Listening to Art, by William Denton.
Volume ten, number three: Cleopatra Before Octavianus by Guercino.
Hello, and welcome to Listening to Art. I’m William Denton.
The encounter depicted in this painting took place in August of 30 BCE in Alexandria, shortly after Mark Antony had committed suicide. I quote from Plutarch’s life of Mark Antony, as translated by Robin Waterfield in Roman Lives (pp. 426–427). “Caesar” here is Octavian, who, to put it simply, would soon become Augustus, the first Roman emperor.
A few days later Caesar made a personal visit to talk to her and put her mind at ease. She was lying dejectedly on a straw mattress, but as soon as he came in she leapt up, despite wearing only a tunic, and prostrated herself on the ground before him. Her hair and face were unkempt and wild, her voice trembled, and her eyes were puffy and swollen; there was even plenty of visible evidence of the way she had lacerated her breast. In short, her body seemed to be in just as bad a state as her mind. Nevertheless, her famous charisma and the power of her beauty had not been completely extinguished, but shone through her wretchedness from somewhere inside and showed in the play of her features. Caesar told her to recline on her mattress, while he sat down beside her. She began to try to justify her actions, blaming them on necessity and saying that she was afraid of Antony, but Caesar raised objections and disproved every point, so soon she adopted the pitiful, pleading tone of a woman who wanted nothing more than to go on living. In the end, however, she gave him an inventory she had taken of all her valuable possessions—but one of her stewards, a man called Seleucus, proved that she was making away with some of her things and hiding them. At this, she leapt to her feet, grabbed Seleucus by the hair, and pummelled his face with her fists, until Caesar stopped her with a smile. “But Caesar,” she said, “it just isn’t right, is it? You don’t mind coming to talk to me even when I’m in such a terrible state, and yet my slaves denounce me for keeping aside a little of my jewellery. And I’m not even doing it for myself, of course—I’m too wretched for that. It’s so that I can give a few things to Octavia and your Livia, and ask them to make you more compassionate and kind towards me.” Caesar liked this speech of hers and was completely convinced that life was still dear to her. Before going away, he told her that he left it up to her to look after her valuables and that he would treat her more gloriously than she could ever have expected. He was sure he had taken her in, when actually it was she who had taken him in.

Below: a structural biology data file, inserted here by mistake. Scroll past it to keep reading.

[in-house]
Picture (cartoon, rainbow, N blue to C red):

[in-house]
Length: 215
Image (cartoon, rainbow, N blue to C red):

This is a painting, oil on canvas, 280 cm wide by 250 cm high.
Now let’s listen to Cleopatra Before Octavianus by Guercino, recorded at the Capitoline Museums, in Rome, on 29 May 2018.
That was Cleopatra Before Octavianus by Guercino. I hope you enjoyed listening to it as much as I did.
For more information and links to things I’ve mentioned, please visit listeningtoart.org.
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All web sites accessed as of date of publication.
Plutarch. Roman Lives: A Selection of Eight Roman Lives. Translated by Robin Waterfield. Oxford: Oxford University Press, 1999.
Wikipedia, s.v. “Guercino,” https://en.wikipedia.org/wiki/Guercino.